Does the belt work?

So the weight belt increases pressure in the abdomen, improves the amount of weight that can be lifted and was adopted from use in the rehabilitation community so it must be safe. Perfect right?

The anti-belt crowd will argue that wearing a belt causes dependence and an over-reliance on external forces to provide a safe environment for lifting, as well as altering core muscle firing patterns. I would agree to a certain point. Studies performed on workers moving heavy loads (furniture delivery men etc.) examined the injury occurrence in belted and not belted employees. In the study, healthy workers were either given, or not given, a belt to wear during work for several months. Injury rates were similar for both groups (fairly low). Interestingly, following the study injury rate rose significantly in the group that had been using the belts and had them taken away at the completion of the test.

That study was performed on people who wear a weight belt all day and therefore the outcome is situation specific. No such study has been conducted on weightlifters (that I know of), nor is their any information regarding exactly what dose or volume of belt use has to occur in order to cause negative adaptations. But clearly there is a point of diminishing returns.

It has been clearly proven that constant or excessive use of the weight belt can cause reliance on the belt for stability and long term decrease in natural core function (belts are bad!). Additionally it has been shown that more weight can be lifted with than without a belt and it can be assumed that greater IAP will reduce the likelihood of acute injury (belts are good!). So how do we combine this information? My recommendation would be as follows:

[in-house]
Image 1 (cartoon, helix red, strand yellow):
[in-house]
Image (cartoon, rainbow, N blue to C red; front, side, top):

If you compete in a sport where the maximum load you can lift determines your outcome in the sport you should wear a belt during competition and during training when loads approach competition intensity (anything above 90% of your maximum is a reasonable cutoff point) This will be a low enough volume to not have negative outcomes on your normal trunk muscle recruitment patterns.

In athletes whose weightlifting performance doesn't directly correlate to sporting success I typically forego weight belt use entirely. Most people I train have poor trunk stability and my goal as a coach is to enhance their core function, not mask it with equipment. The weight belt will not be worn on the field/court or anywhere outside the gym and I want to encourage stability in a belt free environment. Similarly, I don't use elevated heel weight-lifting shoes for athletes that do not compete in weightlifting based sports. The goal is to prepare the body for the environment it will face in competition. For your non athlete client that entails all of the activities of daily living, most of which are done belt free. 

With all that said, if you or a client have been using a weight belt for a long time and you are trying to switch to unbelted lifting do not make the transition suddenly. This is what happened in the aforementioned study and they had a high incidence of back injury. Lifting without a belt needs to be slowly re-introduced to a program. Start by removing the belt for the warmup up sets while also incorporating a lot of belt free stability exercises (basic plank and bridge variations should do to start). Each week increase the intensity of belt free exercises slightly until the belt is no longer necessary.